Singapore welcomes Japan's desire to contribute to peace and security in the region, within the framework of its security pact with the United States, Prime Minister Lee Hsien Loong said yesterday at a joint press conference with Japanese counterpart Shinzo Abe.
Under the decades-old US-Japan Security Alliance, the US has maintained a military presence in the Asia-Pacific with bases in Japan.
Mr Abe, who called on Mr Lee at the Istana yesterday, said he had discussed Japan's plans to make a "positive contribution to peace" in the region during the meeting.
This follows Mr Abe's keynote speech at the Shangri-La Dialogue, an international security forum, on Friday, in which he outlined his vision for Japan to play a bigger and more active role in the region's peace and security, including supporting South-east Asian countries in their attempts at resolving maritime disputes with China.
US Defence Secretary Chuck Hagel affirmed support for these plans on Saturday.
Speaking to fellow defence chiefs, military officials, diplomats and security experts at the annual forum, Mr Hagel said the US and Japan have "begun revising our defence guidelines for the first time in nearly two decades", to better complement Japan's efforts to "reorient its collective self-defence posture towards actively helping build a peaceful and resilient regional order".
"This will ensure that our alliance evolves to reflect the shifting security environment, and the growing capabilities of Japan's Self-Defence Forces," said Mr Hagel.
Mr Abe has been arguing for a shift in Japan's military posture, to allow for collective self-defence that will give Japan's military a more active role in defending its allies.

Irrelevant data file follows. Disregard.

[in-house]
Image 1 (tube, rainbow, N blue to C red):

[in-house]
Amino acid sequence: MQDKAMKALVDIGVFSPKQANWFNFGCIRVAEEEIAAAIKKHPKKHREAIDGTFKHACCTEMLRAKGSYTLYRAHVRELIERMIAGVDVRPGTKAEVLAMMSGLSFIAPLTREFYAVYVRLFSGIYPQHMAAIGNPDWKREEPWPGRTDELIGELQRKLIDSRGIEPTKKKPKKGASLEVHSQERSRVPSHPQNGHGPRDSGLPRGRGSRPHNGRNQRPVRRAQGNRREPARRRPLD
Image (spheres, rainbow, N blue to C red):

At the Istana yesterday, Mr Lee and Mr Abe had also discussed recent developments in the East and South China seas, where China is locked in disputes with several nations, including Japan, over the sovereignty of various islands.
Tensions spiked recently over a Chinese oil rig parked in waters claimed by both China and Vietnam in the South China Sea.
Mr Lee said yesterday he had had a "useful exchange" with Mr Abe about these situations, including developments "within the last few weeks and days".
Besides regional security, Mr Lee and Mr Abe also reaffirmed bilateral ties between Singapore and Japan.
Mr Lee noted progress was made on some issues, citing the lifting of import restrictions on Japanese food products put in place after the Fukushima nuclear accident in 2011.
To take effect immediately, it will see fresh produce and food products from eight prefectures allowed into Singapore as long as they have been certified safe by Japanese authorities, the Agri-food and Veterinary Authority of Singapore said, following PM Lee's remarks.
Urging economic cooperation, Mr Abe invited Singaporean investors to "seriously consider investing in Japan", which is introducing bold deregulation under his "Abenomics" restructuring plan for the economy.
He also pledged to complete a review of the Japan-Singapore economic partnership agreement and to work with Singapore towards the "early conclusion" of the Trans-Pacific Partnership and Regional Comprehensive Economic Partnership. These are multilateral trade pacts involving Asean countries and other partner economies.
Mr Lee wished Mr Abe "all the best in reviving Japan's economy and integrating Japan peacefully into the regional architecture".